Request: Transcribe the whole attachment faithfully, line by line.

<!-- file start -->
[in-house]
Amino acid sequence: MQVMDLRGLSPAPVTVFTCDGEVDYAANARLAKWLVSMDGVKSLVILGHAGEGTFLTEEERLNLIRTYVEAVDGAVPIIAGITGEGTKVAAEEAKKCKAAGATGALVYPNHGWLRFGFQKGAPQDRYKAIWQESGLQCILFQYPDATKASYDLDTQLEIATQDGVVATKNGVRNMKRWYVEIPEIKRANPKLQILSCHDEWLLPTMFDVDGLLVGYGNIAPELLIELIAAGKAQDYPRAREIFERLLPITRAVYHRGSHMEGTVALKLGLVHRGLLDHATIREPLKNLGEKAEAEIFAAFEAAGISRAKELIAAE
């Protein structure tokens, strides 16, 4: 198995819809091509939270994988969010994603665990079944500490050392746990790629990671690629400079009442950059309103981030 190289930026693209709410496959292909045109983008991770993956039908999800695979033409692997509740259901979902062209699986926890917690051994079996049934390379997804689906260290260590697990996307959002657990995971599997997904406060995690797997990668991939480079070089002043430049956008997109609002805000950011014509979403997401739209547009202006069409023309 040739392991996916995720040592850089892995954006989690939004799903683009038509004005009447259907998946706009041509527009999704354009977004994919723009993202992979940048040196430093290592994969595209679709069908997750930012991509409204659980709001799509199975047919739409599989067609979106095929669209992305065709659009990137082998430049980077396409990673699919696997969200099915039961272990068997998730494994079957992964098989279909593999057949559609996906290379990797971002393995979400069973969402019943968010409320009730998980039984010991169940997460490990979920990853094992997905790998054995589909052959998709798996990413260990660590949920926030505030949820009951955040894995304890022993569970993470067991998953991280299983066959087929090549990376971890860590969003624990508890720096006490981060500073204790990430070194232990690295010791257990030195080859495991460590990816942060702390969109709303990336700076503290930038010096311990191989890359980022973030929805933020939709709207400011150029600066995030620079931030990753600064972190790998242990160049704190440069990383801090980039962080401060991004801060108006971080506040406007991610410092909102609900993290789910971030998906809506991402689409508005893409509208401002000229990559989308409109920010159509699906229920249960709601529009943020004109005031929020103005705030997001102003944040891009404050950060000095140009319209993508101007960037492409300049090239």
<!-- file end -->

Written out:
[in-house]
Amino acid sequence: MQVMDLRGLSPAPVTVFTCDGEVDYAANARLAKWLVSMDGVKSLVILGHAGEGTFLTEEERLNLIRTYVEAVDGAVPIIAGITGEGTKVAAEEAKKCKAAGATGALVYPNHGWLRFGFQKGAPQDRYKAIWQESGLQCILFQYPDATKASYDLDTQLEIATQDGVVATKNGVRNMKRWYVEIPEIKRANPKLQILSCHDEWLLPTMFDVDGLLVGYGNIAPELLIELIAAGKAQDYPRAREIFERLLPITRAVYHRGSHMEGTVALKLGLVHRGLLDHATIREPLKNLGEKAEAEIFAAFEAAGISRAKELIAAE
């Protein structure tokens, strides 16, 4: 198995819809091509939270994988969010994603665990079944500490050392746990790629990671690629400079009442950059309103981030 190289930026693209709410496959292909045109983008991770993956039908999800695979033409692997509740259901979902062209699986926890917690051994079996049934390379997804689906260290260590697990996307959002657990995971599997997904406060995690797997990668991939480079070089002043430049956008997109609002805000950011014509979403997401739209547009202006069409023309 040739392991996916995720040592850089892995954006989690939004799903683009038509004005009447259907998946706009041509527009999704354009977004994919723009993202992979940048040196430093290592994969595209679709069908997750930012991509409204659980709001799509199975047919739409599989067609979106095929669209992305065709659009990137082998430049980077396409990673699919696997969200099915039961272990068997998730494994079957992964098989279909593999057949559609996906290379990797971002393995979400069973969402019943968010409320009730998980039984010991169940997460490990979920990853094992997905790998054995589909052959998709798996990413260990660590949920926030505030949820009951955040894995304890022993569970993470067991998953991280299983066959087929090549990376971890860590969003624990508890720096006490981060500073204790990430070194232990690295010791257990030195080859495991460590990816942060702390969109709303990336700076503290930038010096311990191989890359980022973030929805933020939709709207400011150029600066995030620079931030990753600064972190790998242990160049704190440069990383801090980039962080401060991004801060108006971080506040406007991610410092909102609900993290789910971030998906809506991402689409508005893409509208401002000229990559989308409109920010159509699906229920249960709601529009943020004109005031929020103005705030997001102003944040891009404050950060000095140009319209993508101007960037492409300049090239």